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Review: O, Juliet, by Robin Maxwell

Pages: 352
Original publication date: 2010
My edition: 2010 (NAL Trade)
Why I decided to read: I enjoyed Maxwell's novel on Elizabeth I a few years ago; the idea of a novel on Romeo and Juliet intrigued me.
How I acquired my copy: ARC through Amazon Vine
O, Juliet is the story of Juliet Capelletti, daughter of a merchant in Florence, who, betrothed to her father’s partner Jacopo Strozzi, falls in love with Romeo Monticecco, whose family own a rival company. The story is told primarily from the point of view of Juliet, and attempts to follow Shakespeare’s play.

I was so prepared to love this novel, but I simply didn’t. O Juliet is faithful neither to Shakespeare’s play, nor is it faithful to the historical story of Romeo and Juliet (and there really were a Romeo and Juliet, who lived in Verona in the early 14th century). Maxwell, for some inexplicable reason, chooses to set her story in 15th century Verona, which really had me scratching my head—especially when Cosimo de Medici entered the picture, since he doesn’t seem to add anything to the story.

The characters in this novel are not really believable and I found it hard to be empathetic towards them. Juliet comes across as an empty-headed girl, and the author’s attempts to give her book smarts really didn’t work for me. I also didn’t love Romeo’s character; he seems a bit wishy-washy. And their relationship seemed to be based more on hormones, not the great, abiding love of Shakespeare’s story. There’s also the rather buffoonish Strozzi (who’s never given much of a personality beyond his physical characteristics). Really, did we need to be told over and over how bad his breath is?

Bad characters can sometimes be excused, if the plot is any good; but here, it’s just awful. The author could have created something really awesome if she’d chosen to focus on the REAL Romeo and Juliet story (not necessarily Shakespeare’s version). If memory serves me right, in the original story, the Montagues and Capulets were on different sides of the Guelph/ Ghibelline political struggle in Italy in the late Middle Ages. THAT would have been a great story, given the story much more of a sense of conflict. In this novel, however, the main source of tension between the Monticeccos and Capellettis is caused by jealousy and petty rivalry in business. Not all that interesting, in my opinion, and not worthy of the title of "ancient grudge" that Shakespeare mentions in his play (the grudge is centuries old; so old in fact, that nobody remembers when it started. So the fight in this novel between two merchants, both presumably self-made men in early modern Florence, don't exactly have a deep-seated animosity towards one another).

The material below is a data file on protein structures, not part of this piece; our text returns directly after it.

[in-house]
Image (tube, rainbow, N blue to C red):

As a side note, the writing is atrocious, and the author uses more clich├ęs than I could count. It was a pretty quick, easy read, and not one I’d particularly recommend. As I’ve said before, the novel draws heavily from Shakespeare’s play, and doesn’t add anything new or insightful to either Romeo or Juliet’s characters.


Clare said…
I've always read Romeo & Juliet as a cautionary tale about young, stupid love, I have to say, but this doesn't excuse a flimsy plot and poor characters, especially Juliet. I'm sorry you had to wade through this!
It sounds like the book had plenty of faults, though Romeo always came across as wishy-washy to me in the play as well. And similar to Clare, I never thought the play was about a great love.

- Christy
Meghan said…
I haven't managed to like a Robin Maxwell book yet and I've been a little astonished by all the praise this book is getting in the blogosphere. Now I'm not sure what to think about this one, but I'm certainly not rushing to read it, especially given that I never really liked Shakespeare's Romeo & Juliet.

Meghan @ Medieval Bookworm
dolleygurl said…
I would have to disagree with you - I really enjoyed this book. I had always had a hard time enjoying Shakespeare because I got bogged down with the poetic nature of the writing. I liked this because it was novelized. I felt that even though it was set in a different town and time period - there was much more depth to the story. I thought that Florence was beautifully depicted. And I do think that this book was still the cautionary tale - the basic points of the story are the same but embellished with more details.
S. Krishna said…
I thought this was a light, quick, easy read. I did enjoy it and thought she made the love story much more believable. It was interesting to read your reasons for not liking it!
Sarah said…
I haven't read O, Juliet yet, but if you'd like to read a novel that sets their story in early 14th-century Verona, try David Blixt's The Master of Verona if you haven't read it already. It intertwines their story with that of Dante and his son - I highly recommend it. Not a light read, but an entertaining one.
Gwendolyn B. said…
Yours is the first review of O, Juliet that I've read. It's receiving so much hype, I expected a much more positive review. I'm glad I can count on you expressing your honest opinion. I'd still like to check the book out for myself, but I won't be desperate for it!
Marg said…
It is interesting to read your review when there are so many positive reviews around blogland at the moment.

I would have to second Sarah's recommendation of Master of Verona - one of my favourite books.

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